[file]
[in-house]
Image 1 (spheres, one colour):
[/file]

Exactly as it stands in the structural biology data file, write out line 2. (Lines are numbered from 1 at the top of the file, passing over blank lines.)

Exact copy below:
Image 1 (spheres, one colour):